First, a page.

Berlin, Germany, March 19, 2014. Hy! Summit - Image by Dan Taylor. www.heisenbergmedia.com

California has been a one-party state for longer than most memories will allow. For four decades, with the brief exception from 1995 to 1996, when the GOP held the state Senate by two seats, the California Legislature has been the exclusive kingdom of Democrats. The last Republican moment of clout was 1969-70, when Ronald Reagan was governor and the party held both the Assembly and the Senate. Three GOP governors have been elected since, but only six Republicans have held statewide office since 1998, while Democrats have occupied 23.

The congressional delegation is a reflection of the statehouse. Both senators are Democrats, and voters sent 39 Democrats to the House. Only a little more than a quarter of California voters are registered Republicans, so it’s hardly a surprise that the Democrats exercise such dominance.

This single-party regime, however, has led to a destructive public-policy agenda, along with inattention to pressing needs. The state’s political class has advocated vanity projects such as Governor Jerry Brown’s costly and needless high-speed rail plan; neglected a tangle of transportation infrastructure that is now going to cost $52 billion to repair; failed to address effectively a housing crisis that drove the cost of homes out of reach for many; fed a public-employee pension plan threatening to bankrupt the state; and created a tax structure that is pushing out the middle class. California’s governing party now proposes to force a single-payer health-care system on residents and promotes unyielding regulation on business and development, impeding job creation. Progressive leadership in Sacramento and at the local level is obsessed with “resisting” the Trump administration and fighting climate change.

California’s single-party rule has damaged the state to the point that it hasn’t been able to escape unflattering comparisons with its neighbor to the south. “Forty years ago, Mexico was a one-party dictatorship . . . hobbled by slow growth, soaring inequality, endemic corruption and dead politics,” writes demographer Joel Kotkin. “California, in contrast, was considered a model American state, with a highly regarded Legislature, relatively clean politics, a competitive political process and a soaring economy. Today these roles are somewhat reversed.”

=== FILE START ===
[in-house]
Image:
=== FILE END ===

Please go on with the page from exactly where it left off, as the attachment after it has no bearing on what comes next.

When one party has such a dominant political position, destructive public policy is not the only problem. Corruption has fewer hurdles when members of the ruling party believe that they stand above the law. Democrats recently passed new rules governing the timing of recall elections solely to protect one of their members, State Senator Josh Newman, who is facing a recall. But corruption in California Democratic politics is not new: Rod Wright, Leland Yee, and Ron Calderon were all elected Democratic legislators who thought their party’s power gave them license to break the law. Two wound up in federal prison, the other in the Los Angeles County jail.

The political status quo deserves to be disrupted in California, though it’s unlikely that anyone from the ranks of elected Republicans can break the Democrats’ grip on power. What’s needed is someone who would effectively and unapologetically oppose the agenda of the majority party but who is also an outsider; whose appeal is cross-partisan; who understands Silicon Valley, which has immense political strength; and who is sympathetic to the cause of attracting more business and capital to areas outside of the tech center.

Three years ago, Republican Neel Kashkari, a former Goldman Sachs investment banker who didn’t align fully with establishment Republicanism and had never held elected office, shook the political foundations a bit when he ran against Jerry Brown. Kashkari took only 40 percent of the vote, but maybe he was the Goldwater candidate who laid the groundwork for another, who will truly rock California politics.

Peter Thiel is no stranger to disruption. The PayPal cofounder supported Donald Trump in 2016, spoke at the Republican National Convention (where he announced that he is proud to be gay), and worked on Trump’s transition team. He’s been part of one of the most convulsing events in U.S. political history. “Like Trump,” Michelle Cottle wrote in The Atlantic just before last year’s election, “Thiel himself takes great pride in being a disruptive force. He favors revolutionary ideas and people with big plans for blowing things up and remaking the world.”